Burberry and Tom Ford made waves last year when they declared that they were moving to a “see now, buy now” model. For Burberry, that meant consolidating all lines into a single seasonless show and making several items available for immediate purchase. For Tom Ford, it was making select items available almost immediately after a private show at the Four Seasons. Burberry and Tom Ford were among the first brands to pioneer the shift, but L2’s latest study on Fashion Week suggests the idea of immediately buying runway items is no longer novel; 21% of brands with a Fashion Week runway show in 2016 incorporated some sort of direct-to-consumer e-commerce in their presentation. Rebecca Minkoff made almost all looks available for immediate purchase. Approximately half of the merchandise debuted in Topshop’s Spring 2017 fashion show were available in stores immediately after. Club Monaco also combined men’s and women’s shows and made items available for purchase immediately.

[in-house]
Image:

It’s difficult to quantify the effects of the transition to an immediate purchase model because many brands have just begun dipping their toe. For example, Alexander Wang dropped a surprise collaboration with Adidas on at the end of his runway show, and made just the limited edition line available instantly. And Tommy Hilfiger sold nautical daywear items (i.e. sweatshirt, t-shirts) after the carnival themed Tommy x Gigi event, but consumers must wait to purchase main collections from the designers.

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